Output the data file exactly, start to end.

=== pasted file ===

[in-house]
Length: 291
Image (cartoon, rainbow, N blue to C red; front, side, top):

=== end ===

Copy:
[in-house]
Length: 291
Image (cartoon, rainbow, N blue to C red; front, side, top):